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Given Republican primary voters' apparent disdain for candidates with insider credentials, most of the GOP field will spend Wednesday night's debate portraying themselves as the real outsiders. But Bobby Jindal, Lindsey Graham, Rick Santorum and George Pataki have the best claim this time around. They are the real outsiders -- as in outside the debate hall, clawing pitiably at the door to get in.

Sure, the Feeble Four will have their own mini-debate two hours before the main event. But the debate hall could be the only refuge from a raging apocalypse and no one, not even Jim Gilmore, would want to get in.

Speaking of Earth-rending events, whatever happened to Jim Gilmore? The former Virginia governor declared his candidacy in July, then disappeared into what we can only surmise was sinkhole that led straight down to the planetary core, where he spends his days live-tweeting continental drift.

Despite Gilmore's absence, the undercard debate will feature some outsized personalities, if by outsized we mean completely without size.

Start with the current officeholders: Jindal is the governor of Louisiana and Graham is the senior senator from South Carolina. Jindal has been the more prominent of the two, despite Graham's status as a favorite of the Sunday talk-show circuit. The Louisianan infamously delivered the rebuttal to Barack Obama's first State of the Union address, earning nearly universal derision. Among the lowlights: A Gilmorean dismissal of a federal monitoring and warning system for volcanic activity. Just weeks later, Alaska's Mt. Redoubt erupted, scorching Jindal with a new round of criticism.

Jindal got the speech gig because he was regarded as a rising GOP star -- a youthful conservative who was smart and youthful and articulate and youthful. Also, he was young. After Obama's re-election in 2012, Jindal attempted to reclaim his status as the intellectual future of the GOP, calling upon his fellow Republicans to avoid becoming the stupid party -- at least in matters unrelated to magma.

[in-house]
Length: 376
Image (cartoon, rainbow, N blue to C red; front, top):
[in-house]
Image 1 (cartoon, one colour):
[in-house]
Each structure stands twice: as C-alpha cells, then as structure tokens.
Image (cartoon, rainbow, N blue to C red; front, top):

Primary voters are apparently smart enough to assess Jindal's record in Louisiana. For example, when he took over in 2008, the state's budget was in surplus. After years of Jindal cutting taxes while preserving corporate subsidies -- including one for the "Duck Dynasty" reality show -- Louisiana this year is more than $1.5 billion in debt. In Baton Rouge, the red ink is flowing like lava, burying Jindal's electoral hopes: He's dead last in the RCP polling average at 0.3%. If only he'd been warned.

Graham fares slightly better. At 0.5%, he shares "frontrunner" status with Santorum among the backrunners.

Graham has pitched himself as unreasonably hawkish on foreign affairs and reasonably dovish on domestic issues. Under President Graham, the U.S. would never tire of fighting wars and the government would never be shut down over partisan disagreements. Oddly, that combination of issues, along with the confirmed bachelor's plan to employ a rotating First Lady, has failed to ignite much enthusiasm. Even the state he has served in Congress since 1994 hasn't cottoned to him: Graham polls at just 4% in South Carolina.

Former Pennsylvania senator Rick Santorum is the only member of this group who has actually won any Republican presidential primaries. In 2012, he was declared the winner of the Iowa caucuses by a 34-vote margin two weeks after Mitt Romney had seemingly earned an eight-vote triumph. That was followed by victories in nine more states, not nearly enough to deny Romney the nomination.

Santorum hasn't been able to build on that success. He's sitting at just 0.5% in the RCP averages. At least he still has his good name.

What can be said about former New York governor George Pataki's quiet campaign? Anything? No? OK, then.

So this group isn't exactly setting the world on fire. And even if they were, Bobby Jindal would make sure no one knew about it until it was too late.

But these things sometimes produce a new star. Carly Fiorina earned a promotion to the main stage on the strength of a breakout performance in a junior varsity event earlier this season. And with little to lose, one of these four might just pull out all the stops in an attempt to impress poll respondents. So go ahead. Tune in for a while. What's the worst that could happen?

The next Republican Presidential debate starts at 8 p.m. ET this Wednesday, 10/28, but is covering it all week! Tune in for stories, videos, and more, and make sure to follow us at @TheStreet on Twitter for live commentary during the debate.

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